Are Potbelly Pigs Good Pets?

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Potbelly pigs can make wonderful pets -- as long as you've thoroughly researched everything you need to know about their care and maintenance, are walking into the situation with eyes wide open, and either live on a farm or a non-urban tract of land of substantial size. For everyone else considering adopting one of these "miniature" animals that can grow up to weigh 150 pounds or more, two words apply: buyer beware.

Origins

For centuries, these pigs have been livestock in China and Vietnam. They take up less room than our huge Western farm hogs, eat less, and thrive in hot, humid climates. When slaughtered, the comparatively smaller amount of meat on the carcass can be quickly eaten or sold before it spoils from lack of refrigeration. In 1985, Keith Connell, the director of a zoo in Bowmanville, Ontario, imported some of these pigs from Sweden to present to zoos but discovered considerable interest from the general public. In the early 1990s, Connell imported yet another bloodline of larger pigs with short, thick legs from Austria and Germany, calling them North American Potbellies. All potbelly pigs in North America today are descended from Connell's early porcine immigrants.

Characteristics and Habits

Like puppies, potbelly piglets are so irresistibly cute that many people let their hearts hijack their heads. However, according to Pigs Animal Sanctuary in West Virginia, potbellies require much more maintenance than a dog or cat. They're very smart animals, which makes them receptive to training, but when they get bored, the natural instincts of their species kick in to help them pass the time. Pigs root. Indoors, a bored pig might tear up your carpets, your linoleum and your house plants. He might discover that your drywall is ever so yummy. If you prize a lovely lawn and garden, abandon the idea of getting a pig. You should also be aware of the stages of a pig's development. If your animal hasn't been spayed or neutered when you bring it home, a female will come into heat between 12 and 16 weeks of age and after that, every 21 days. An intact male will become sexually active at six to eight weeks of age and until he's sterilized, he just plain stinks.

Reasons for Abandonment

For people considering becoming potbelly pig parents, the Internet must be a very puzzling place. Breeders and sellers with websites don't deny that there are problems -- although most vehemently deny that problems would ever affect their pigs. While people hoping to make a profit from potbellies sing their praises as pets, sanctuaries and rescue groups throughout North America are unanimous in raising alarms about the number of people who have abandoned these animals because they simply couldn't cope. According to Rescue and Sanctuary for Threatened Animals in Alberta, Canada, the three most common reasons that potbelly pig owners abandon their pets are: I didn't realize it would grow that big; I didn't realize it would be so destructive; and I didn't know how much work it would be.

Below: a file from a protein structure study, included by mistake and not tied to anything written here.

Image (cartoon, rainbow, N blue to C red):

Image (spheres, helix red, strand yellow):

The Skinny on Potbellied Pigs

In nature, pigs live in herds and, at the age of about 18 months, they start jockeying with other herd members for the best position in the pecking order they can get. When a pig lives in a human household, he regards the resident people as members of his herd and will compete with them for "top pig" position. If he sees a child as his rival, he might do the same thing he'd do if his rival were another pig: bite and head-butt. [Ref. 1] No rabies vaccine has been approved for these pigs so even if you make your pet a comfy outdoor pig house, if he's out all night, he could still be vulnerable to airborne nocturnal rabies carriers such as bats. About three times a year, pigs need their hooves trimmed. If you have a DIY aptitude and a sufficiently docile pig, you can learn how to do this yourself but if not, you'll require the services of a professional farrier, which do not come cheap. Finally, you'll need, within driving distance, a vet with knowledge of, and experience with, potbellied pigs.

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